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Monday, September 28, 2020
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News + Politics City Hall A quiet, sweetheart deal for the cops

A quiet, sweetheart deal for the cops

Plus: COVID worker protections and more secrecy at SFPD. That's The Agenda for Aug. 16-23.

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The Board of Supes will meet in closed session Tuesday/18 to discuss negotiations with city employee unions, and one of the issues on the table is a deal the Mayor’s Office and the Department of Human Resources has cut with the Police Officers Association.

Under the terms of the deal, the cops will get 3 percent raises each of the two years starting in 2022. That will be on top of another 3 percent hike they were expecting this year and next that will be delayed because of the COVID pandemic.

SF cops wear POA masks, a violation of general orders, during a protest on homelessness.

Let’s be clear here: Unlike other public employees who are being asked to delay raises, the cops didn’t “give up” raises that they had been promised – their contract already said that their raises would be delayed in the city’s finances fell short. From the 2018-2021POA Memorandum of Understanding:

Effective July 1, 2020, represented employees will receive a base wage increase of 2%, except that if the March 2020 Joint Report, prepared by the Controller, the Mayor’s Budget Director, and the Board of Supervisors’ Budget Analyst, projects a budget deficit for fiscal year 2020-2021 that exceeds $200 million, then the base wage adjustment due on July 1, 2020, will be delayed by six (6) months and be effective the pay period including January 1, 2021.

Effective January 1, 2021, represented employees will receive a base wage increase of 1%, except that if the March 2020 Joint Report, prepared by the Controller, the Mayor’s Budget Director, and the Board of Supervisors’ Budget Analyst, projects a budget deficit for fiscal year 2020-2021 that exceeds $200 million, then the base wage adjustment due on January 1, 2021, will be delayed by six (6) months and be effective close of business June 30, 2021.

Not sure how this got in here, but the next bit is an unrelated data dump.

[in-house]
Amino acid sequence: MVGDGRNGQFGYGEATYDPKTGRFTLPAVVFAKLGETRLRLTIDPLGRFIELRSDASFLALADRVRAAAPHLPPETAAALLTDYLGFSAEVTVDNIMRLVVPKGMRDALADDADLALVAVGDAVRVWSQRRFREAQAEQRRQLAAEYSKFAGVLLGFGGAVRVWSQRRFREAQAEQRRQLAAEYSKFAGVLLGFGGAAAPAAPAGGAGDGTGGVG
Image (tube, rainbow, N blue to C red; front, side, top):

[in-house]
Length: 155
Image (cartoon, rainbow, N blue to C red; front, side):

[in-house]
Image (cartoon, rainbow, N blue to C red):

The bigger issue, though, is that the current contract, and the proposed contract, don’t allow for many of the necessary reforms that the POA has blocked or sought to delay in the past. In essence, the Mayor’s Office, while cutting $40 million from the police budget, is giving the POA a great deal – and the city’s getting very little in exchange.

From John Crew, former ACLU police practices attorney:

In other words, if the Board approves this very bad deal, the City would be giving the already-extremely generously-compensated SFPOA members…  (with the SFPOA bragging in recent years they had the best compensated cops in the country)…  two more 3 percent annual pay hikes lasting through June 30, 2023 in exchange for an 18-month deferral of a 2 percent raise and a one-year deferral of a 1 percent raise.

Plus — as importantly — the SFPOA seemingly  gets the same damn contract terms locked into place until 2023 (!) with none of the necessary reform concessions being sought or achieved by the Mayor’s negotiators — concessions that could finally speed up SFPD reform or at least somewhat blunt the SFPOA’s on-going resistance to them. And, the next contract would come up for talks during the next mayoral race, which is the schedule the SFPOA had in the past and always preferred in order to maximize their political leverage.

As Crew points out, the US Conference of Mayors, in a report issued just last week, calls for greater scrutiny of police union contracts:

“Over the years, police contracts — union CBAs (collective bargaining agreements) —have evolved into much more than standard labor contracts. They cover the expected areas—hours, wages, benefits—but many have grown to include substantial barriers to basic accountability.

The New Yorker explained this in great detail earlier this month.

During the last contract talks with the POA, activists organized around #NoJusticeNoDeal demanded that the cops agree to basic reforms around use of force and discipline before the city gave them a raise. (You can read the letter here.)

Crew points out that: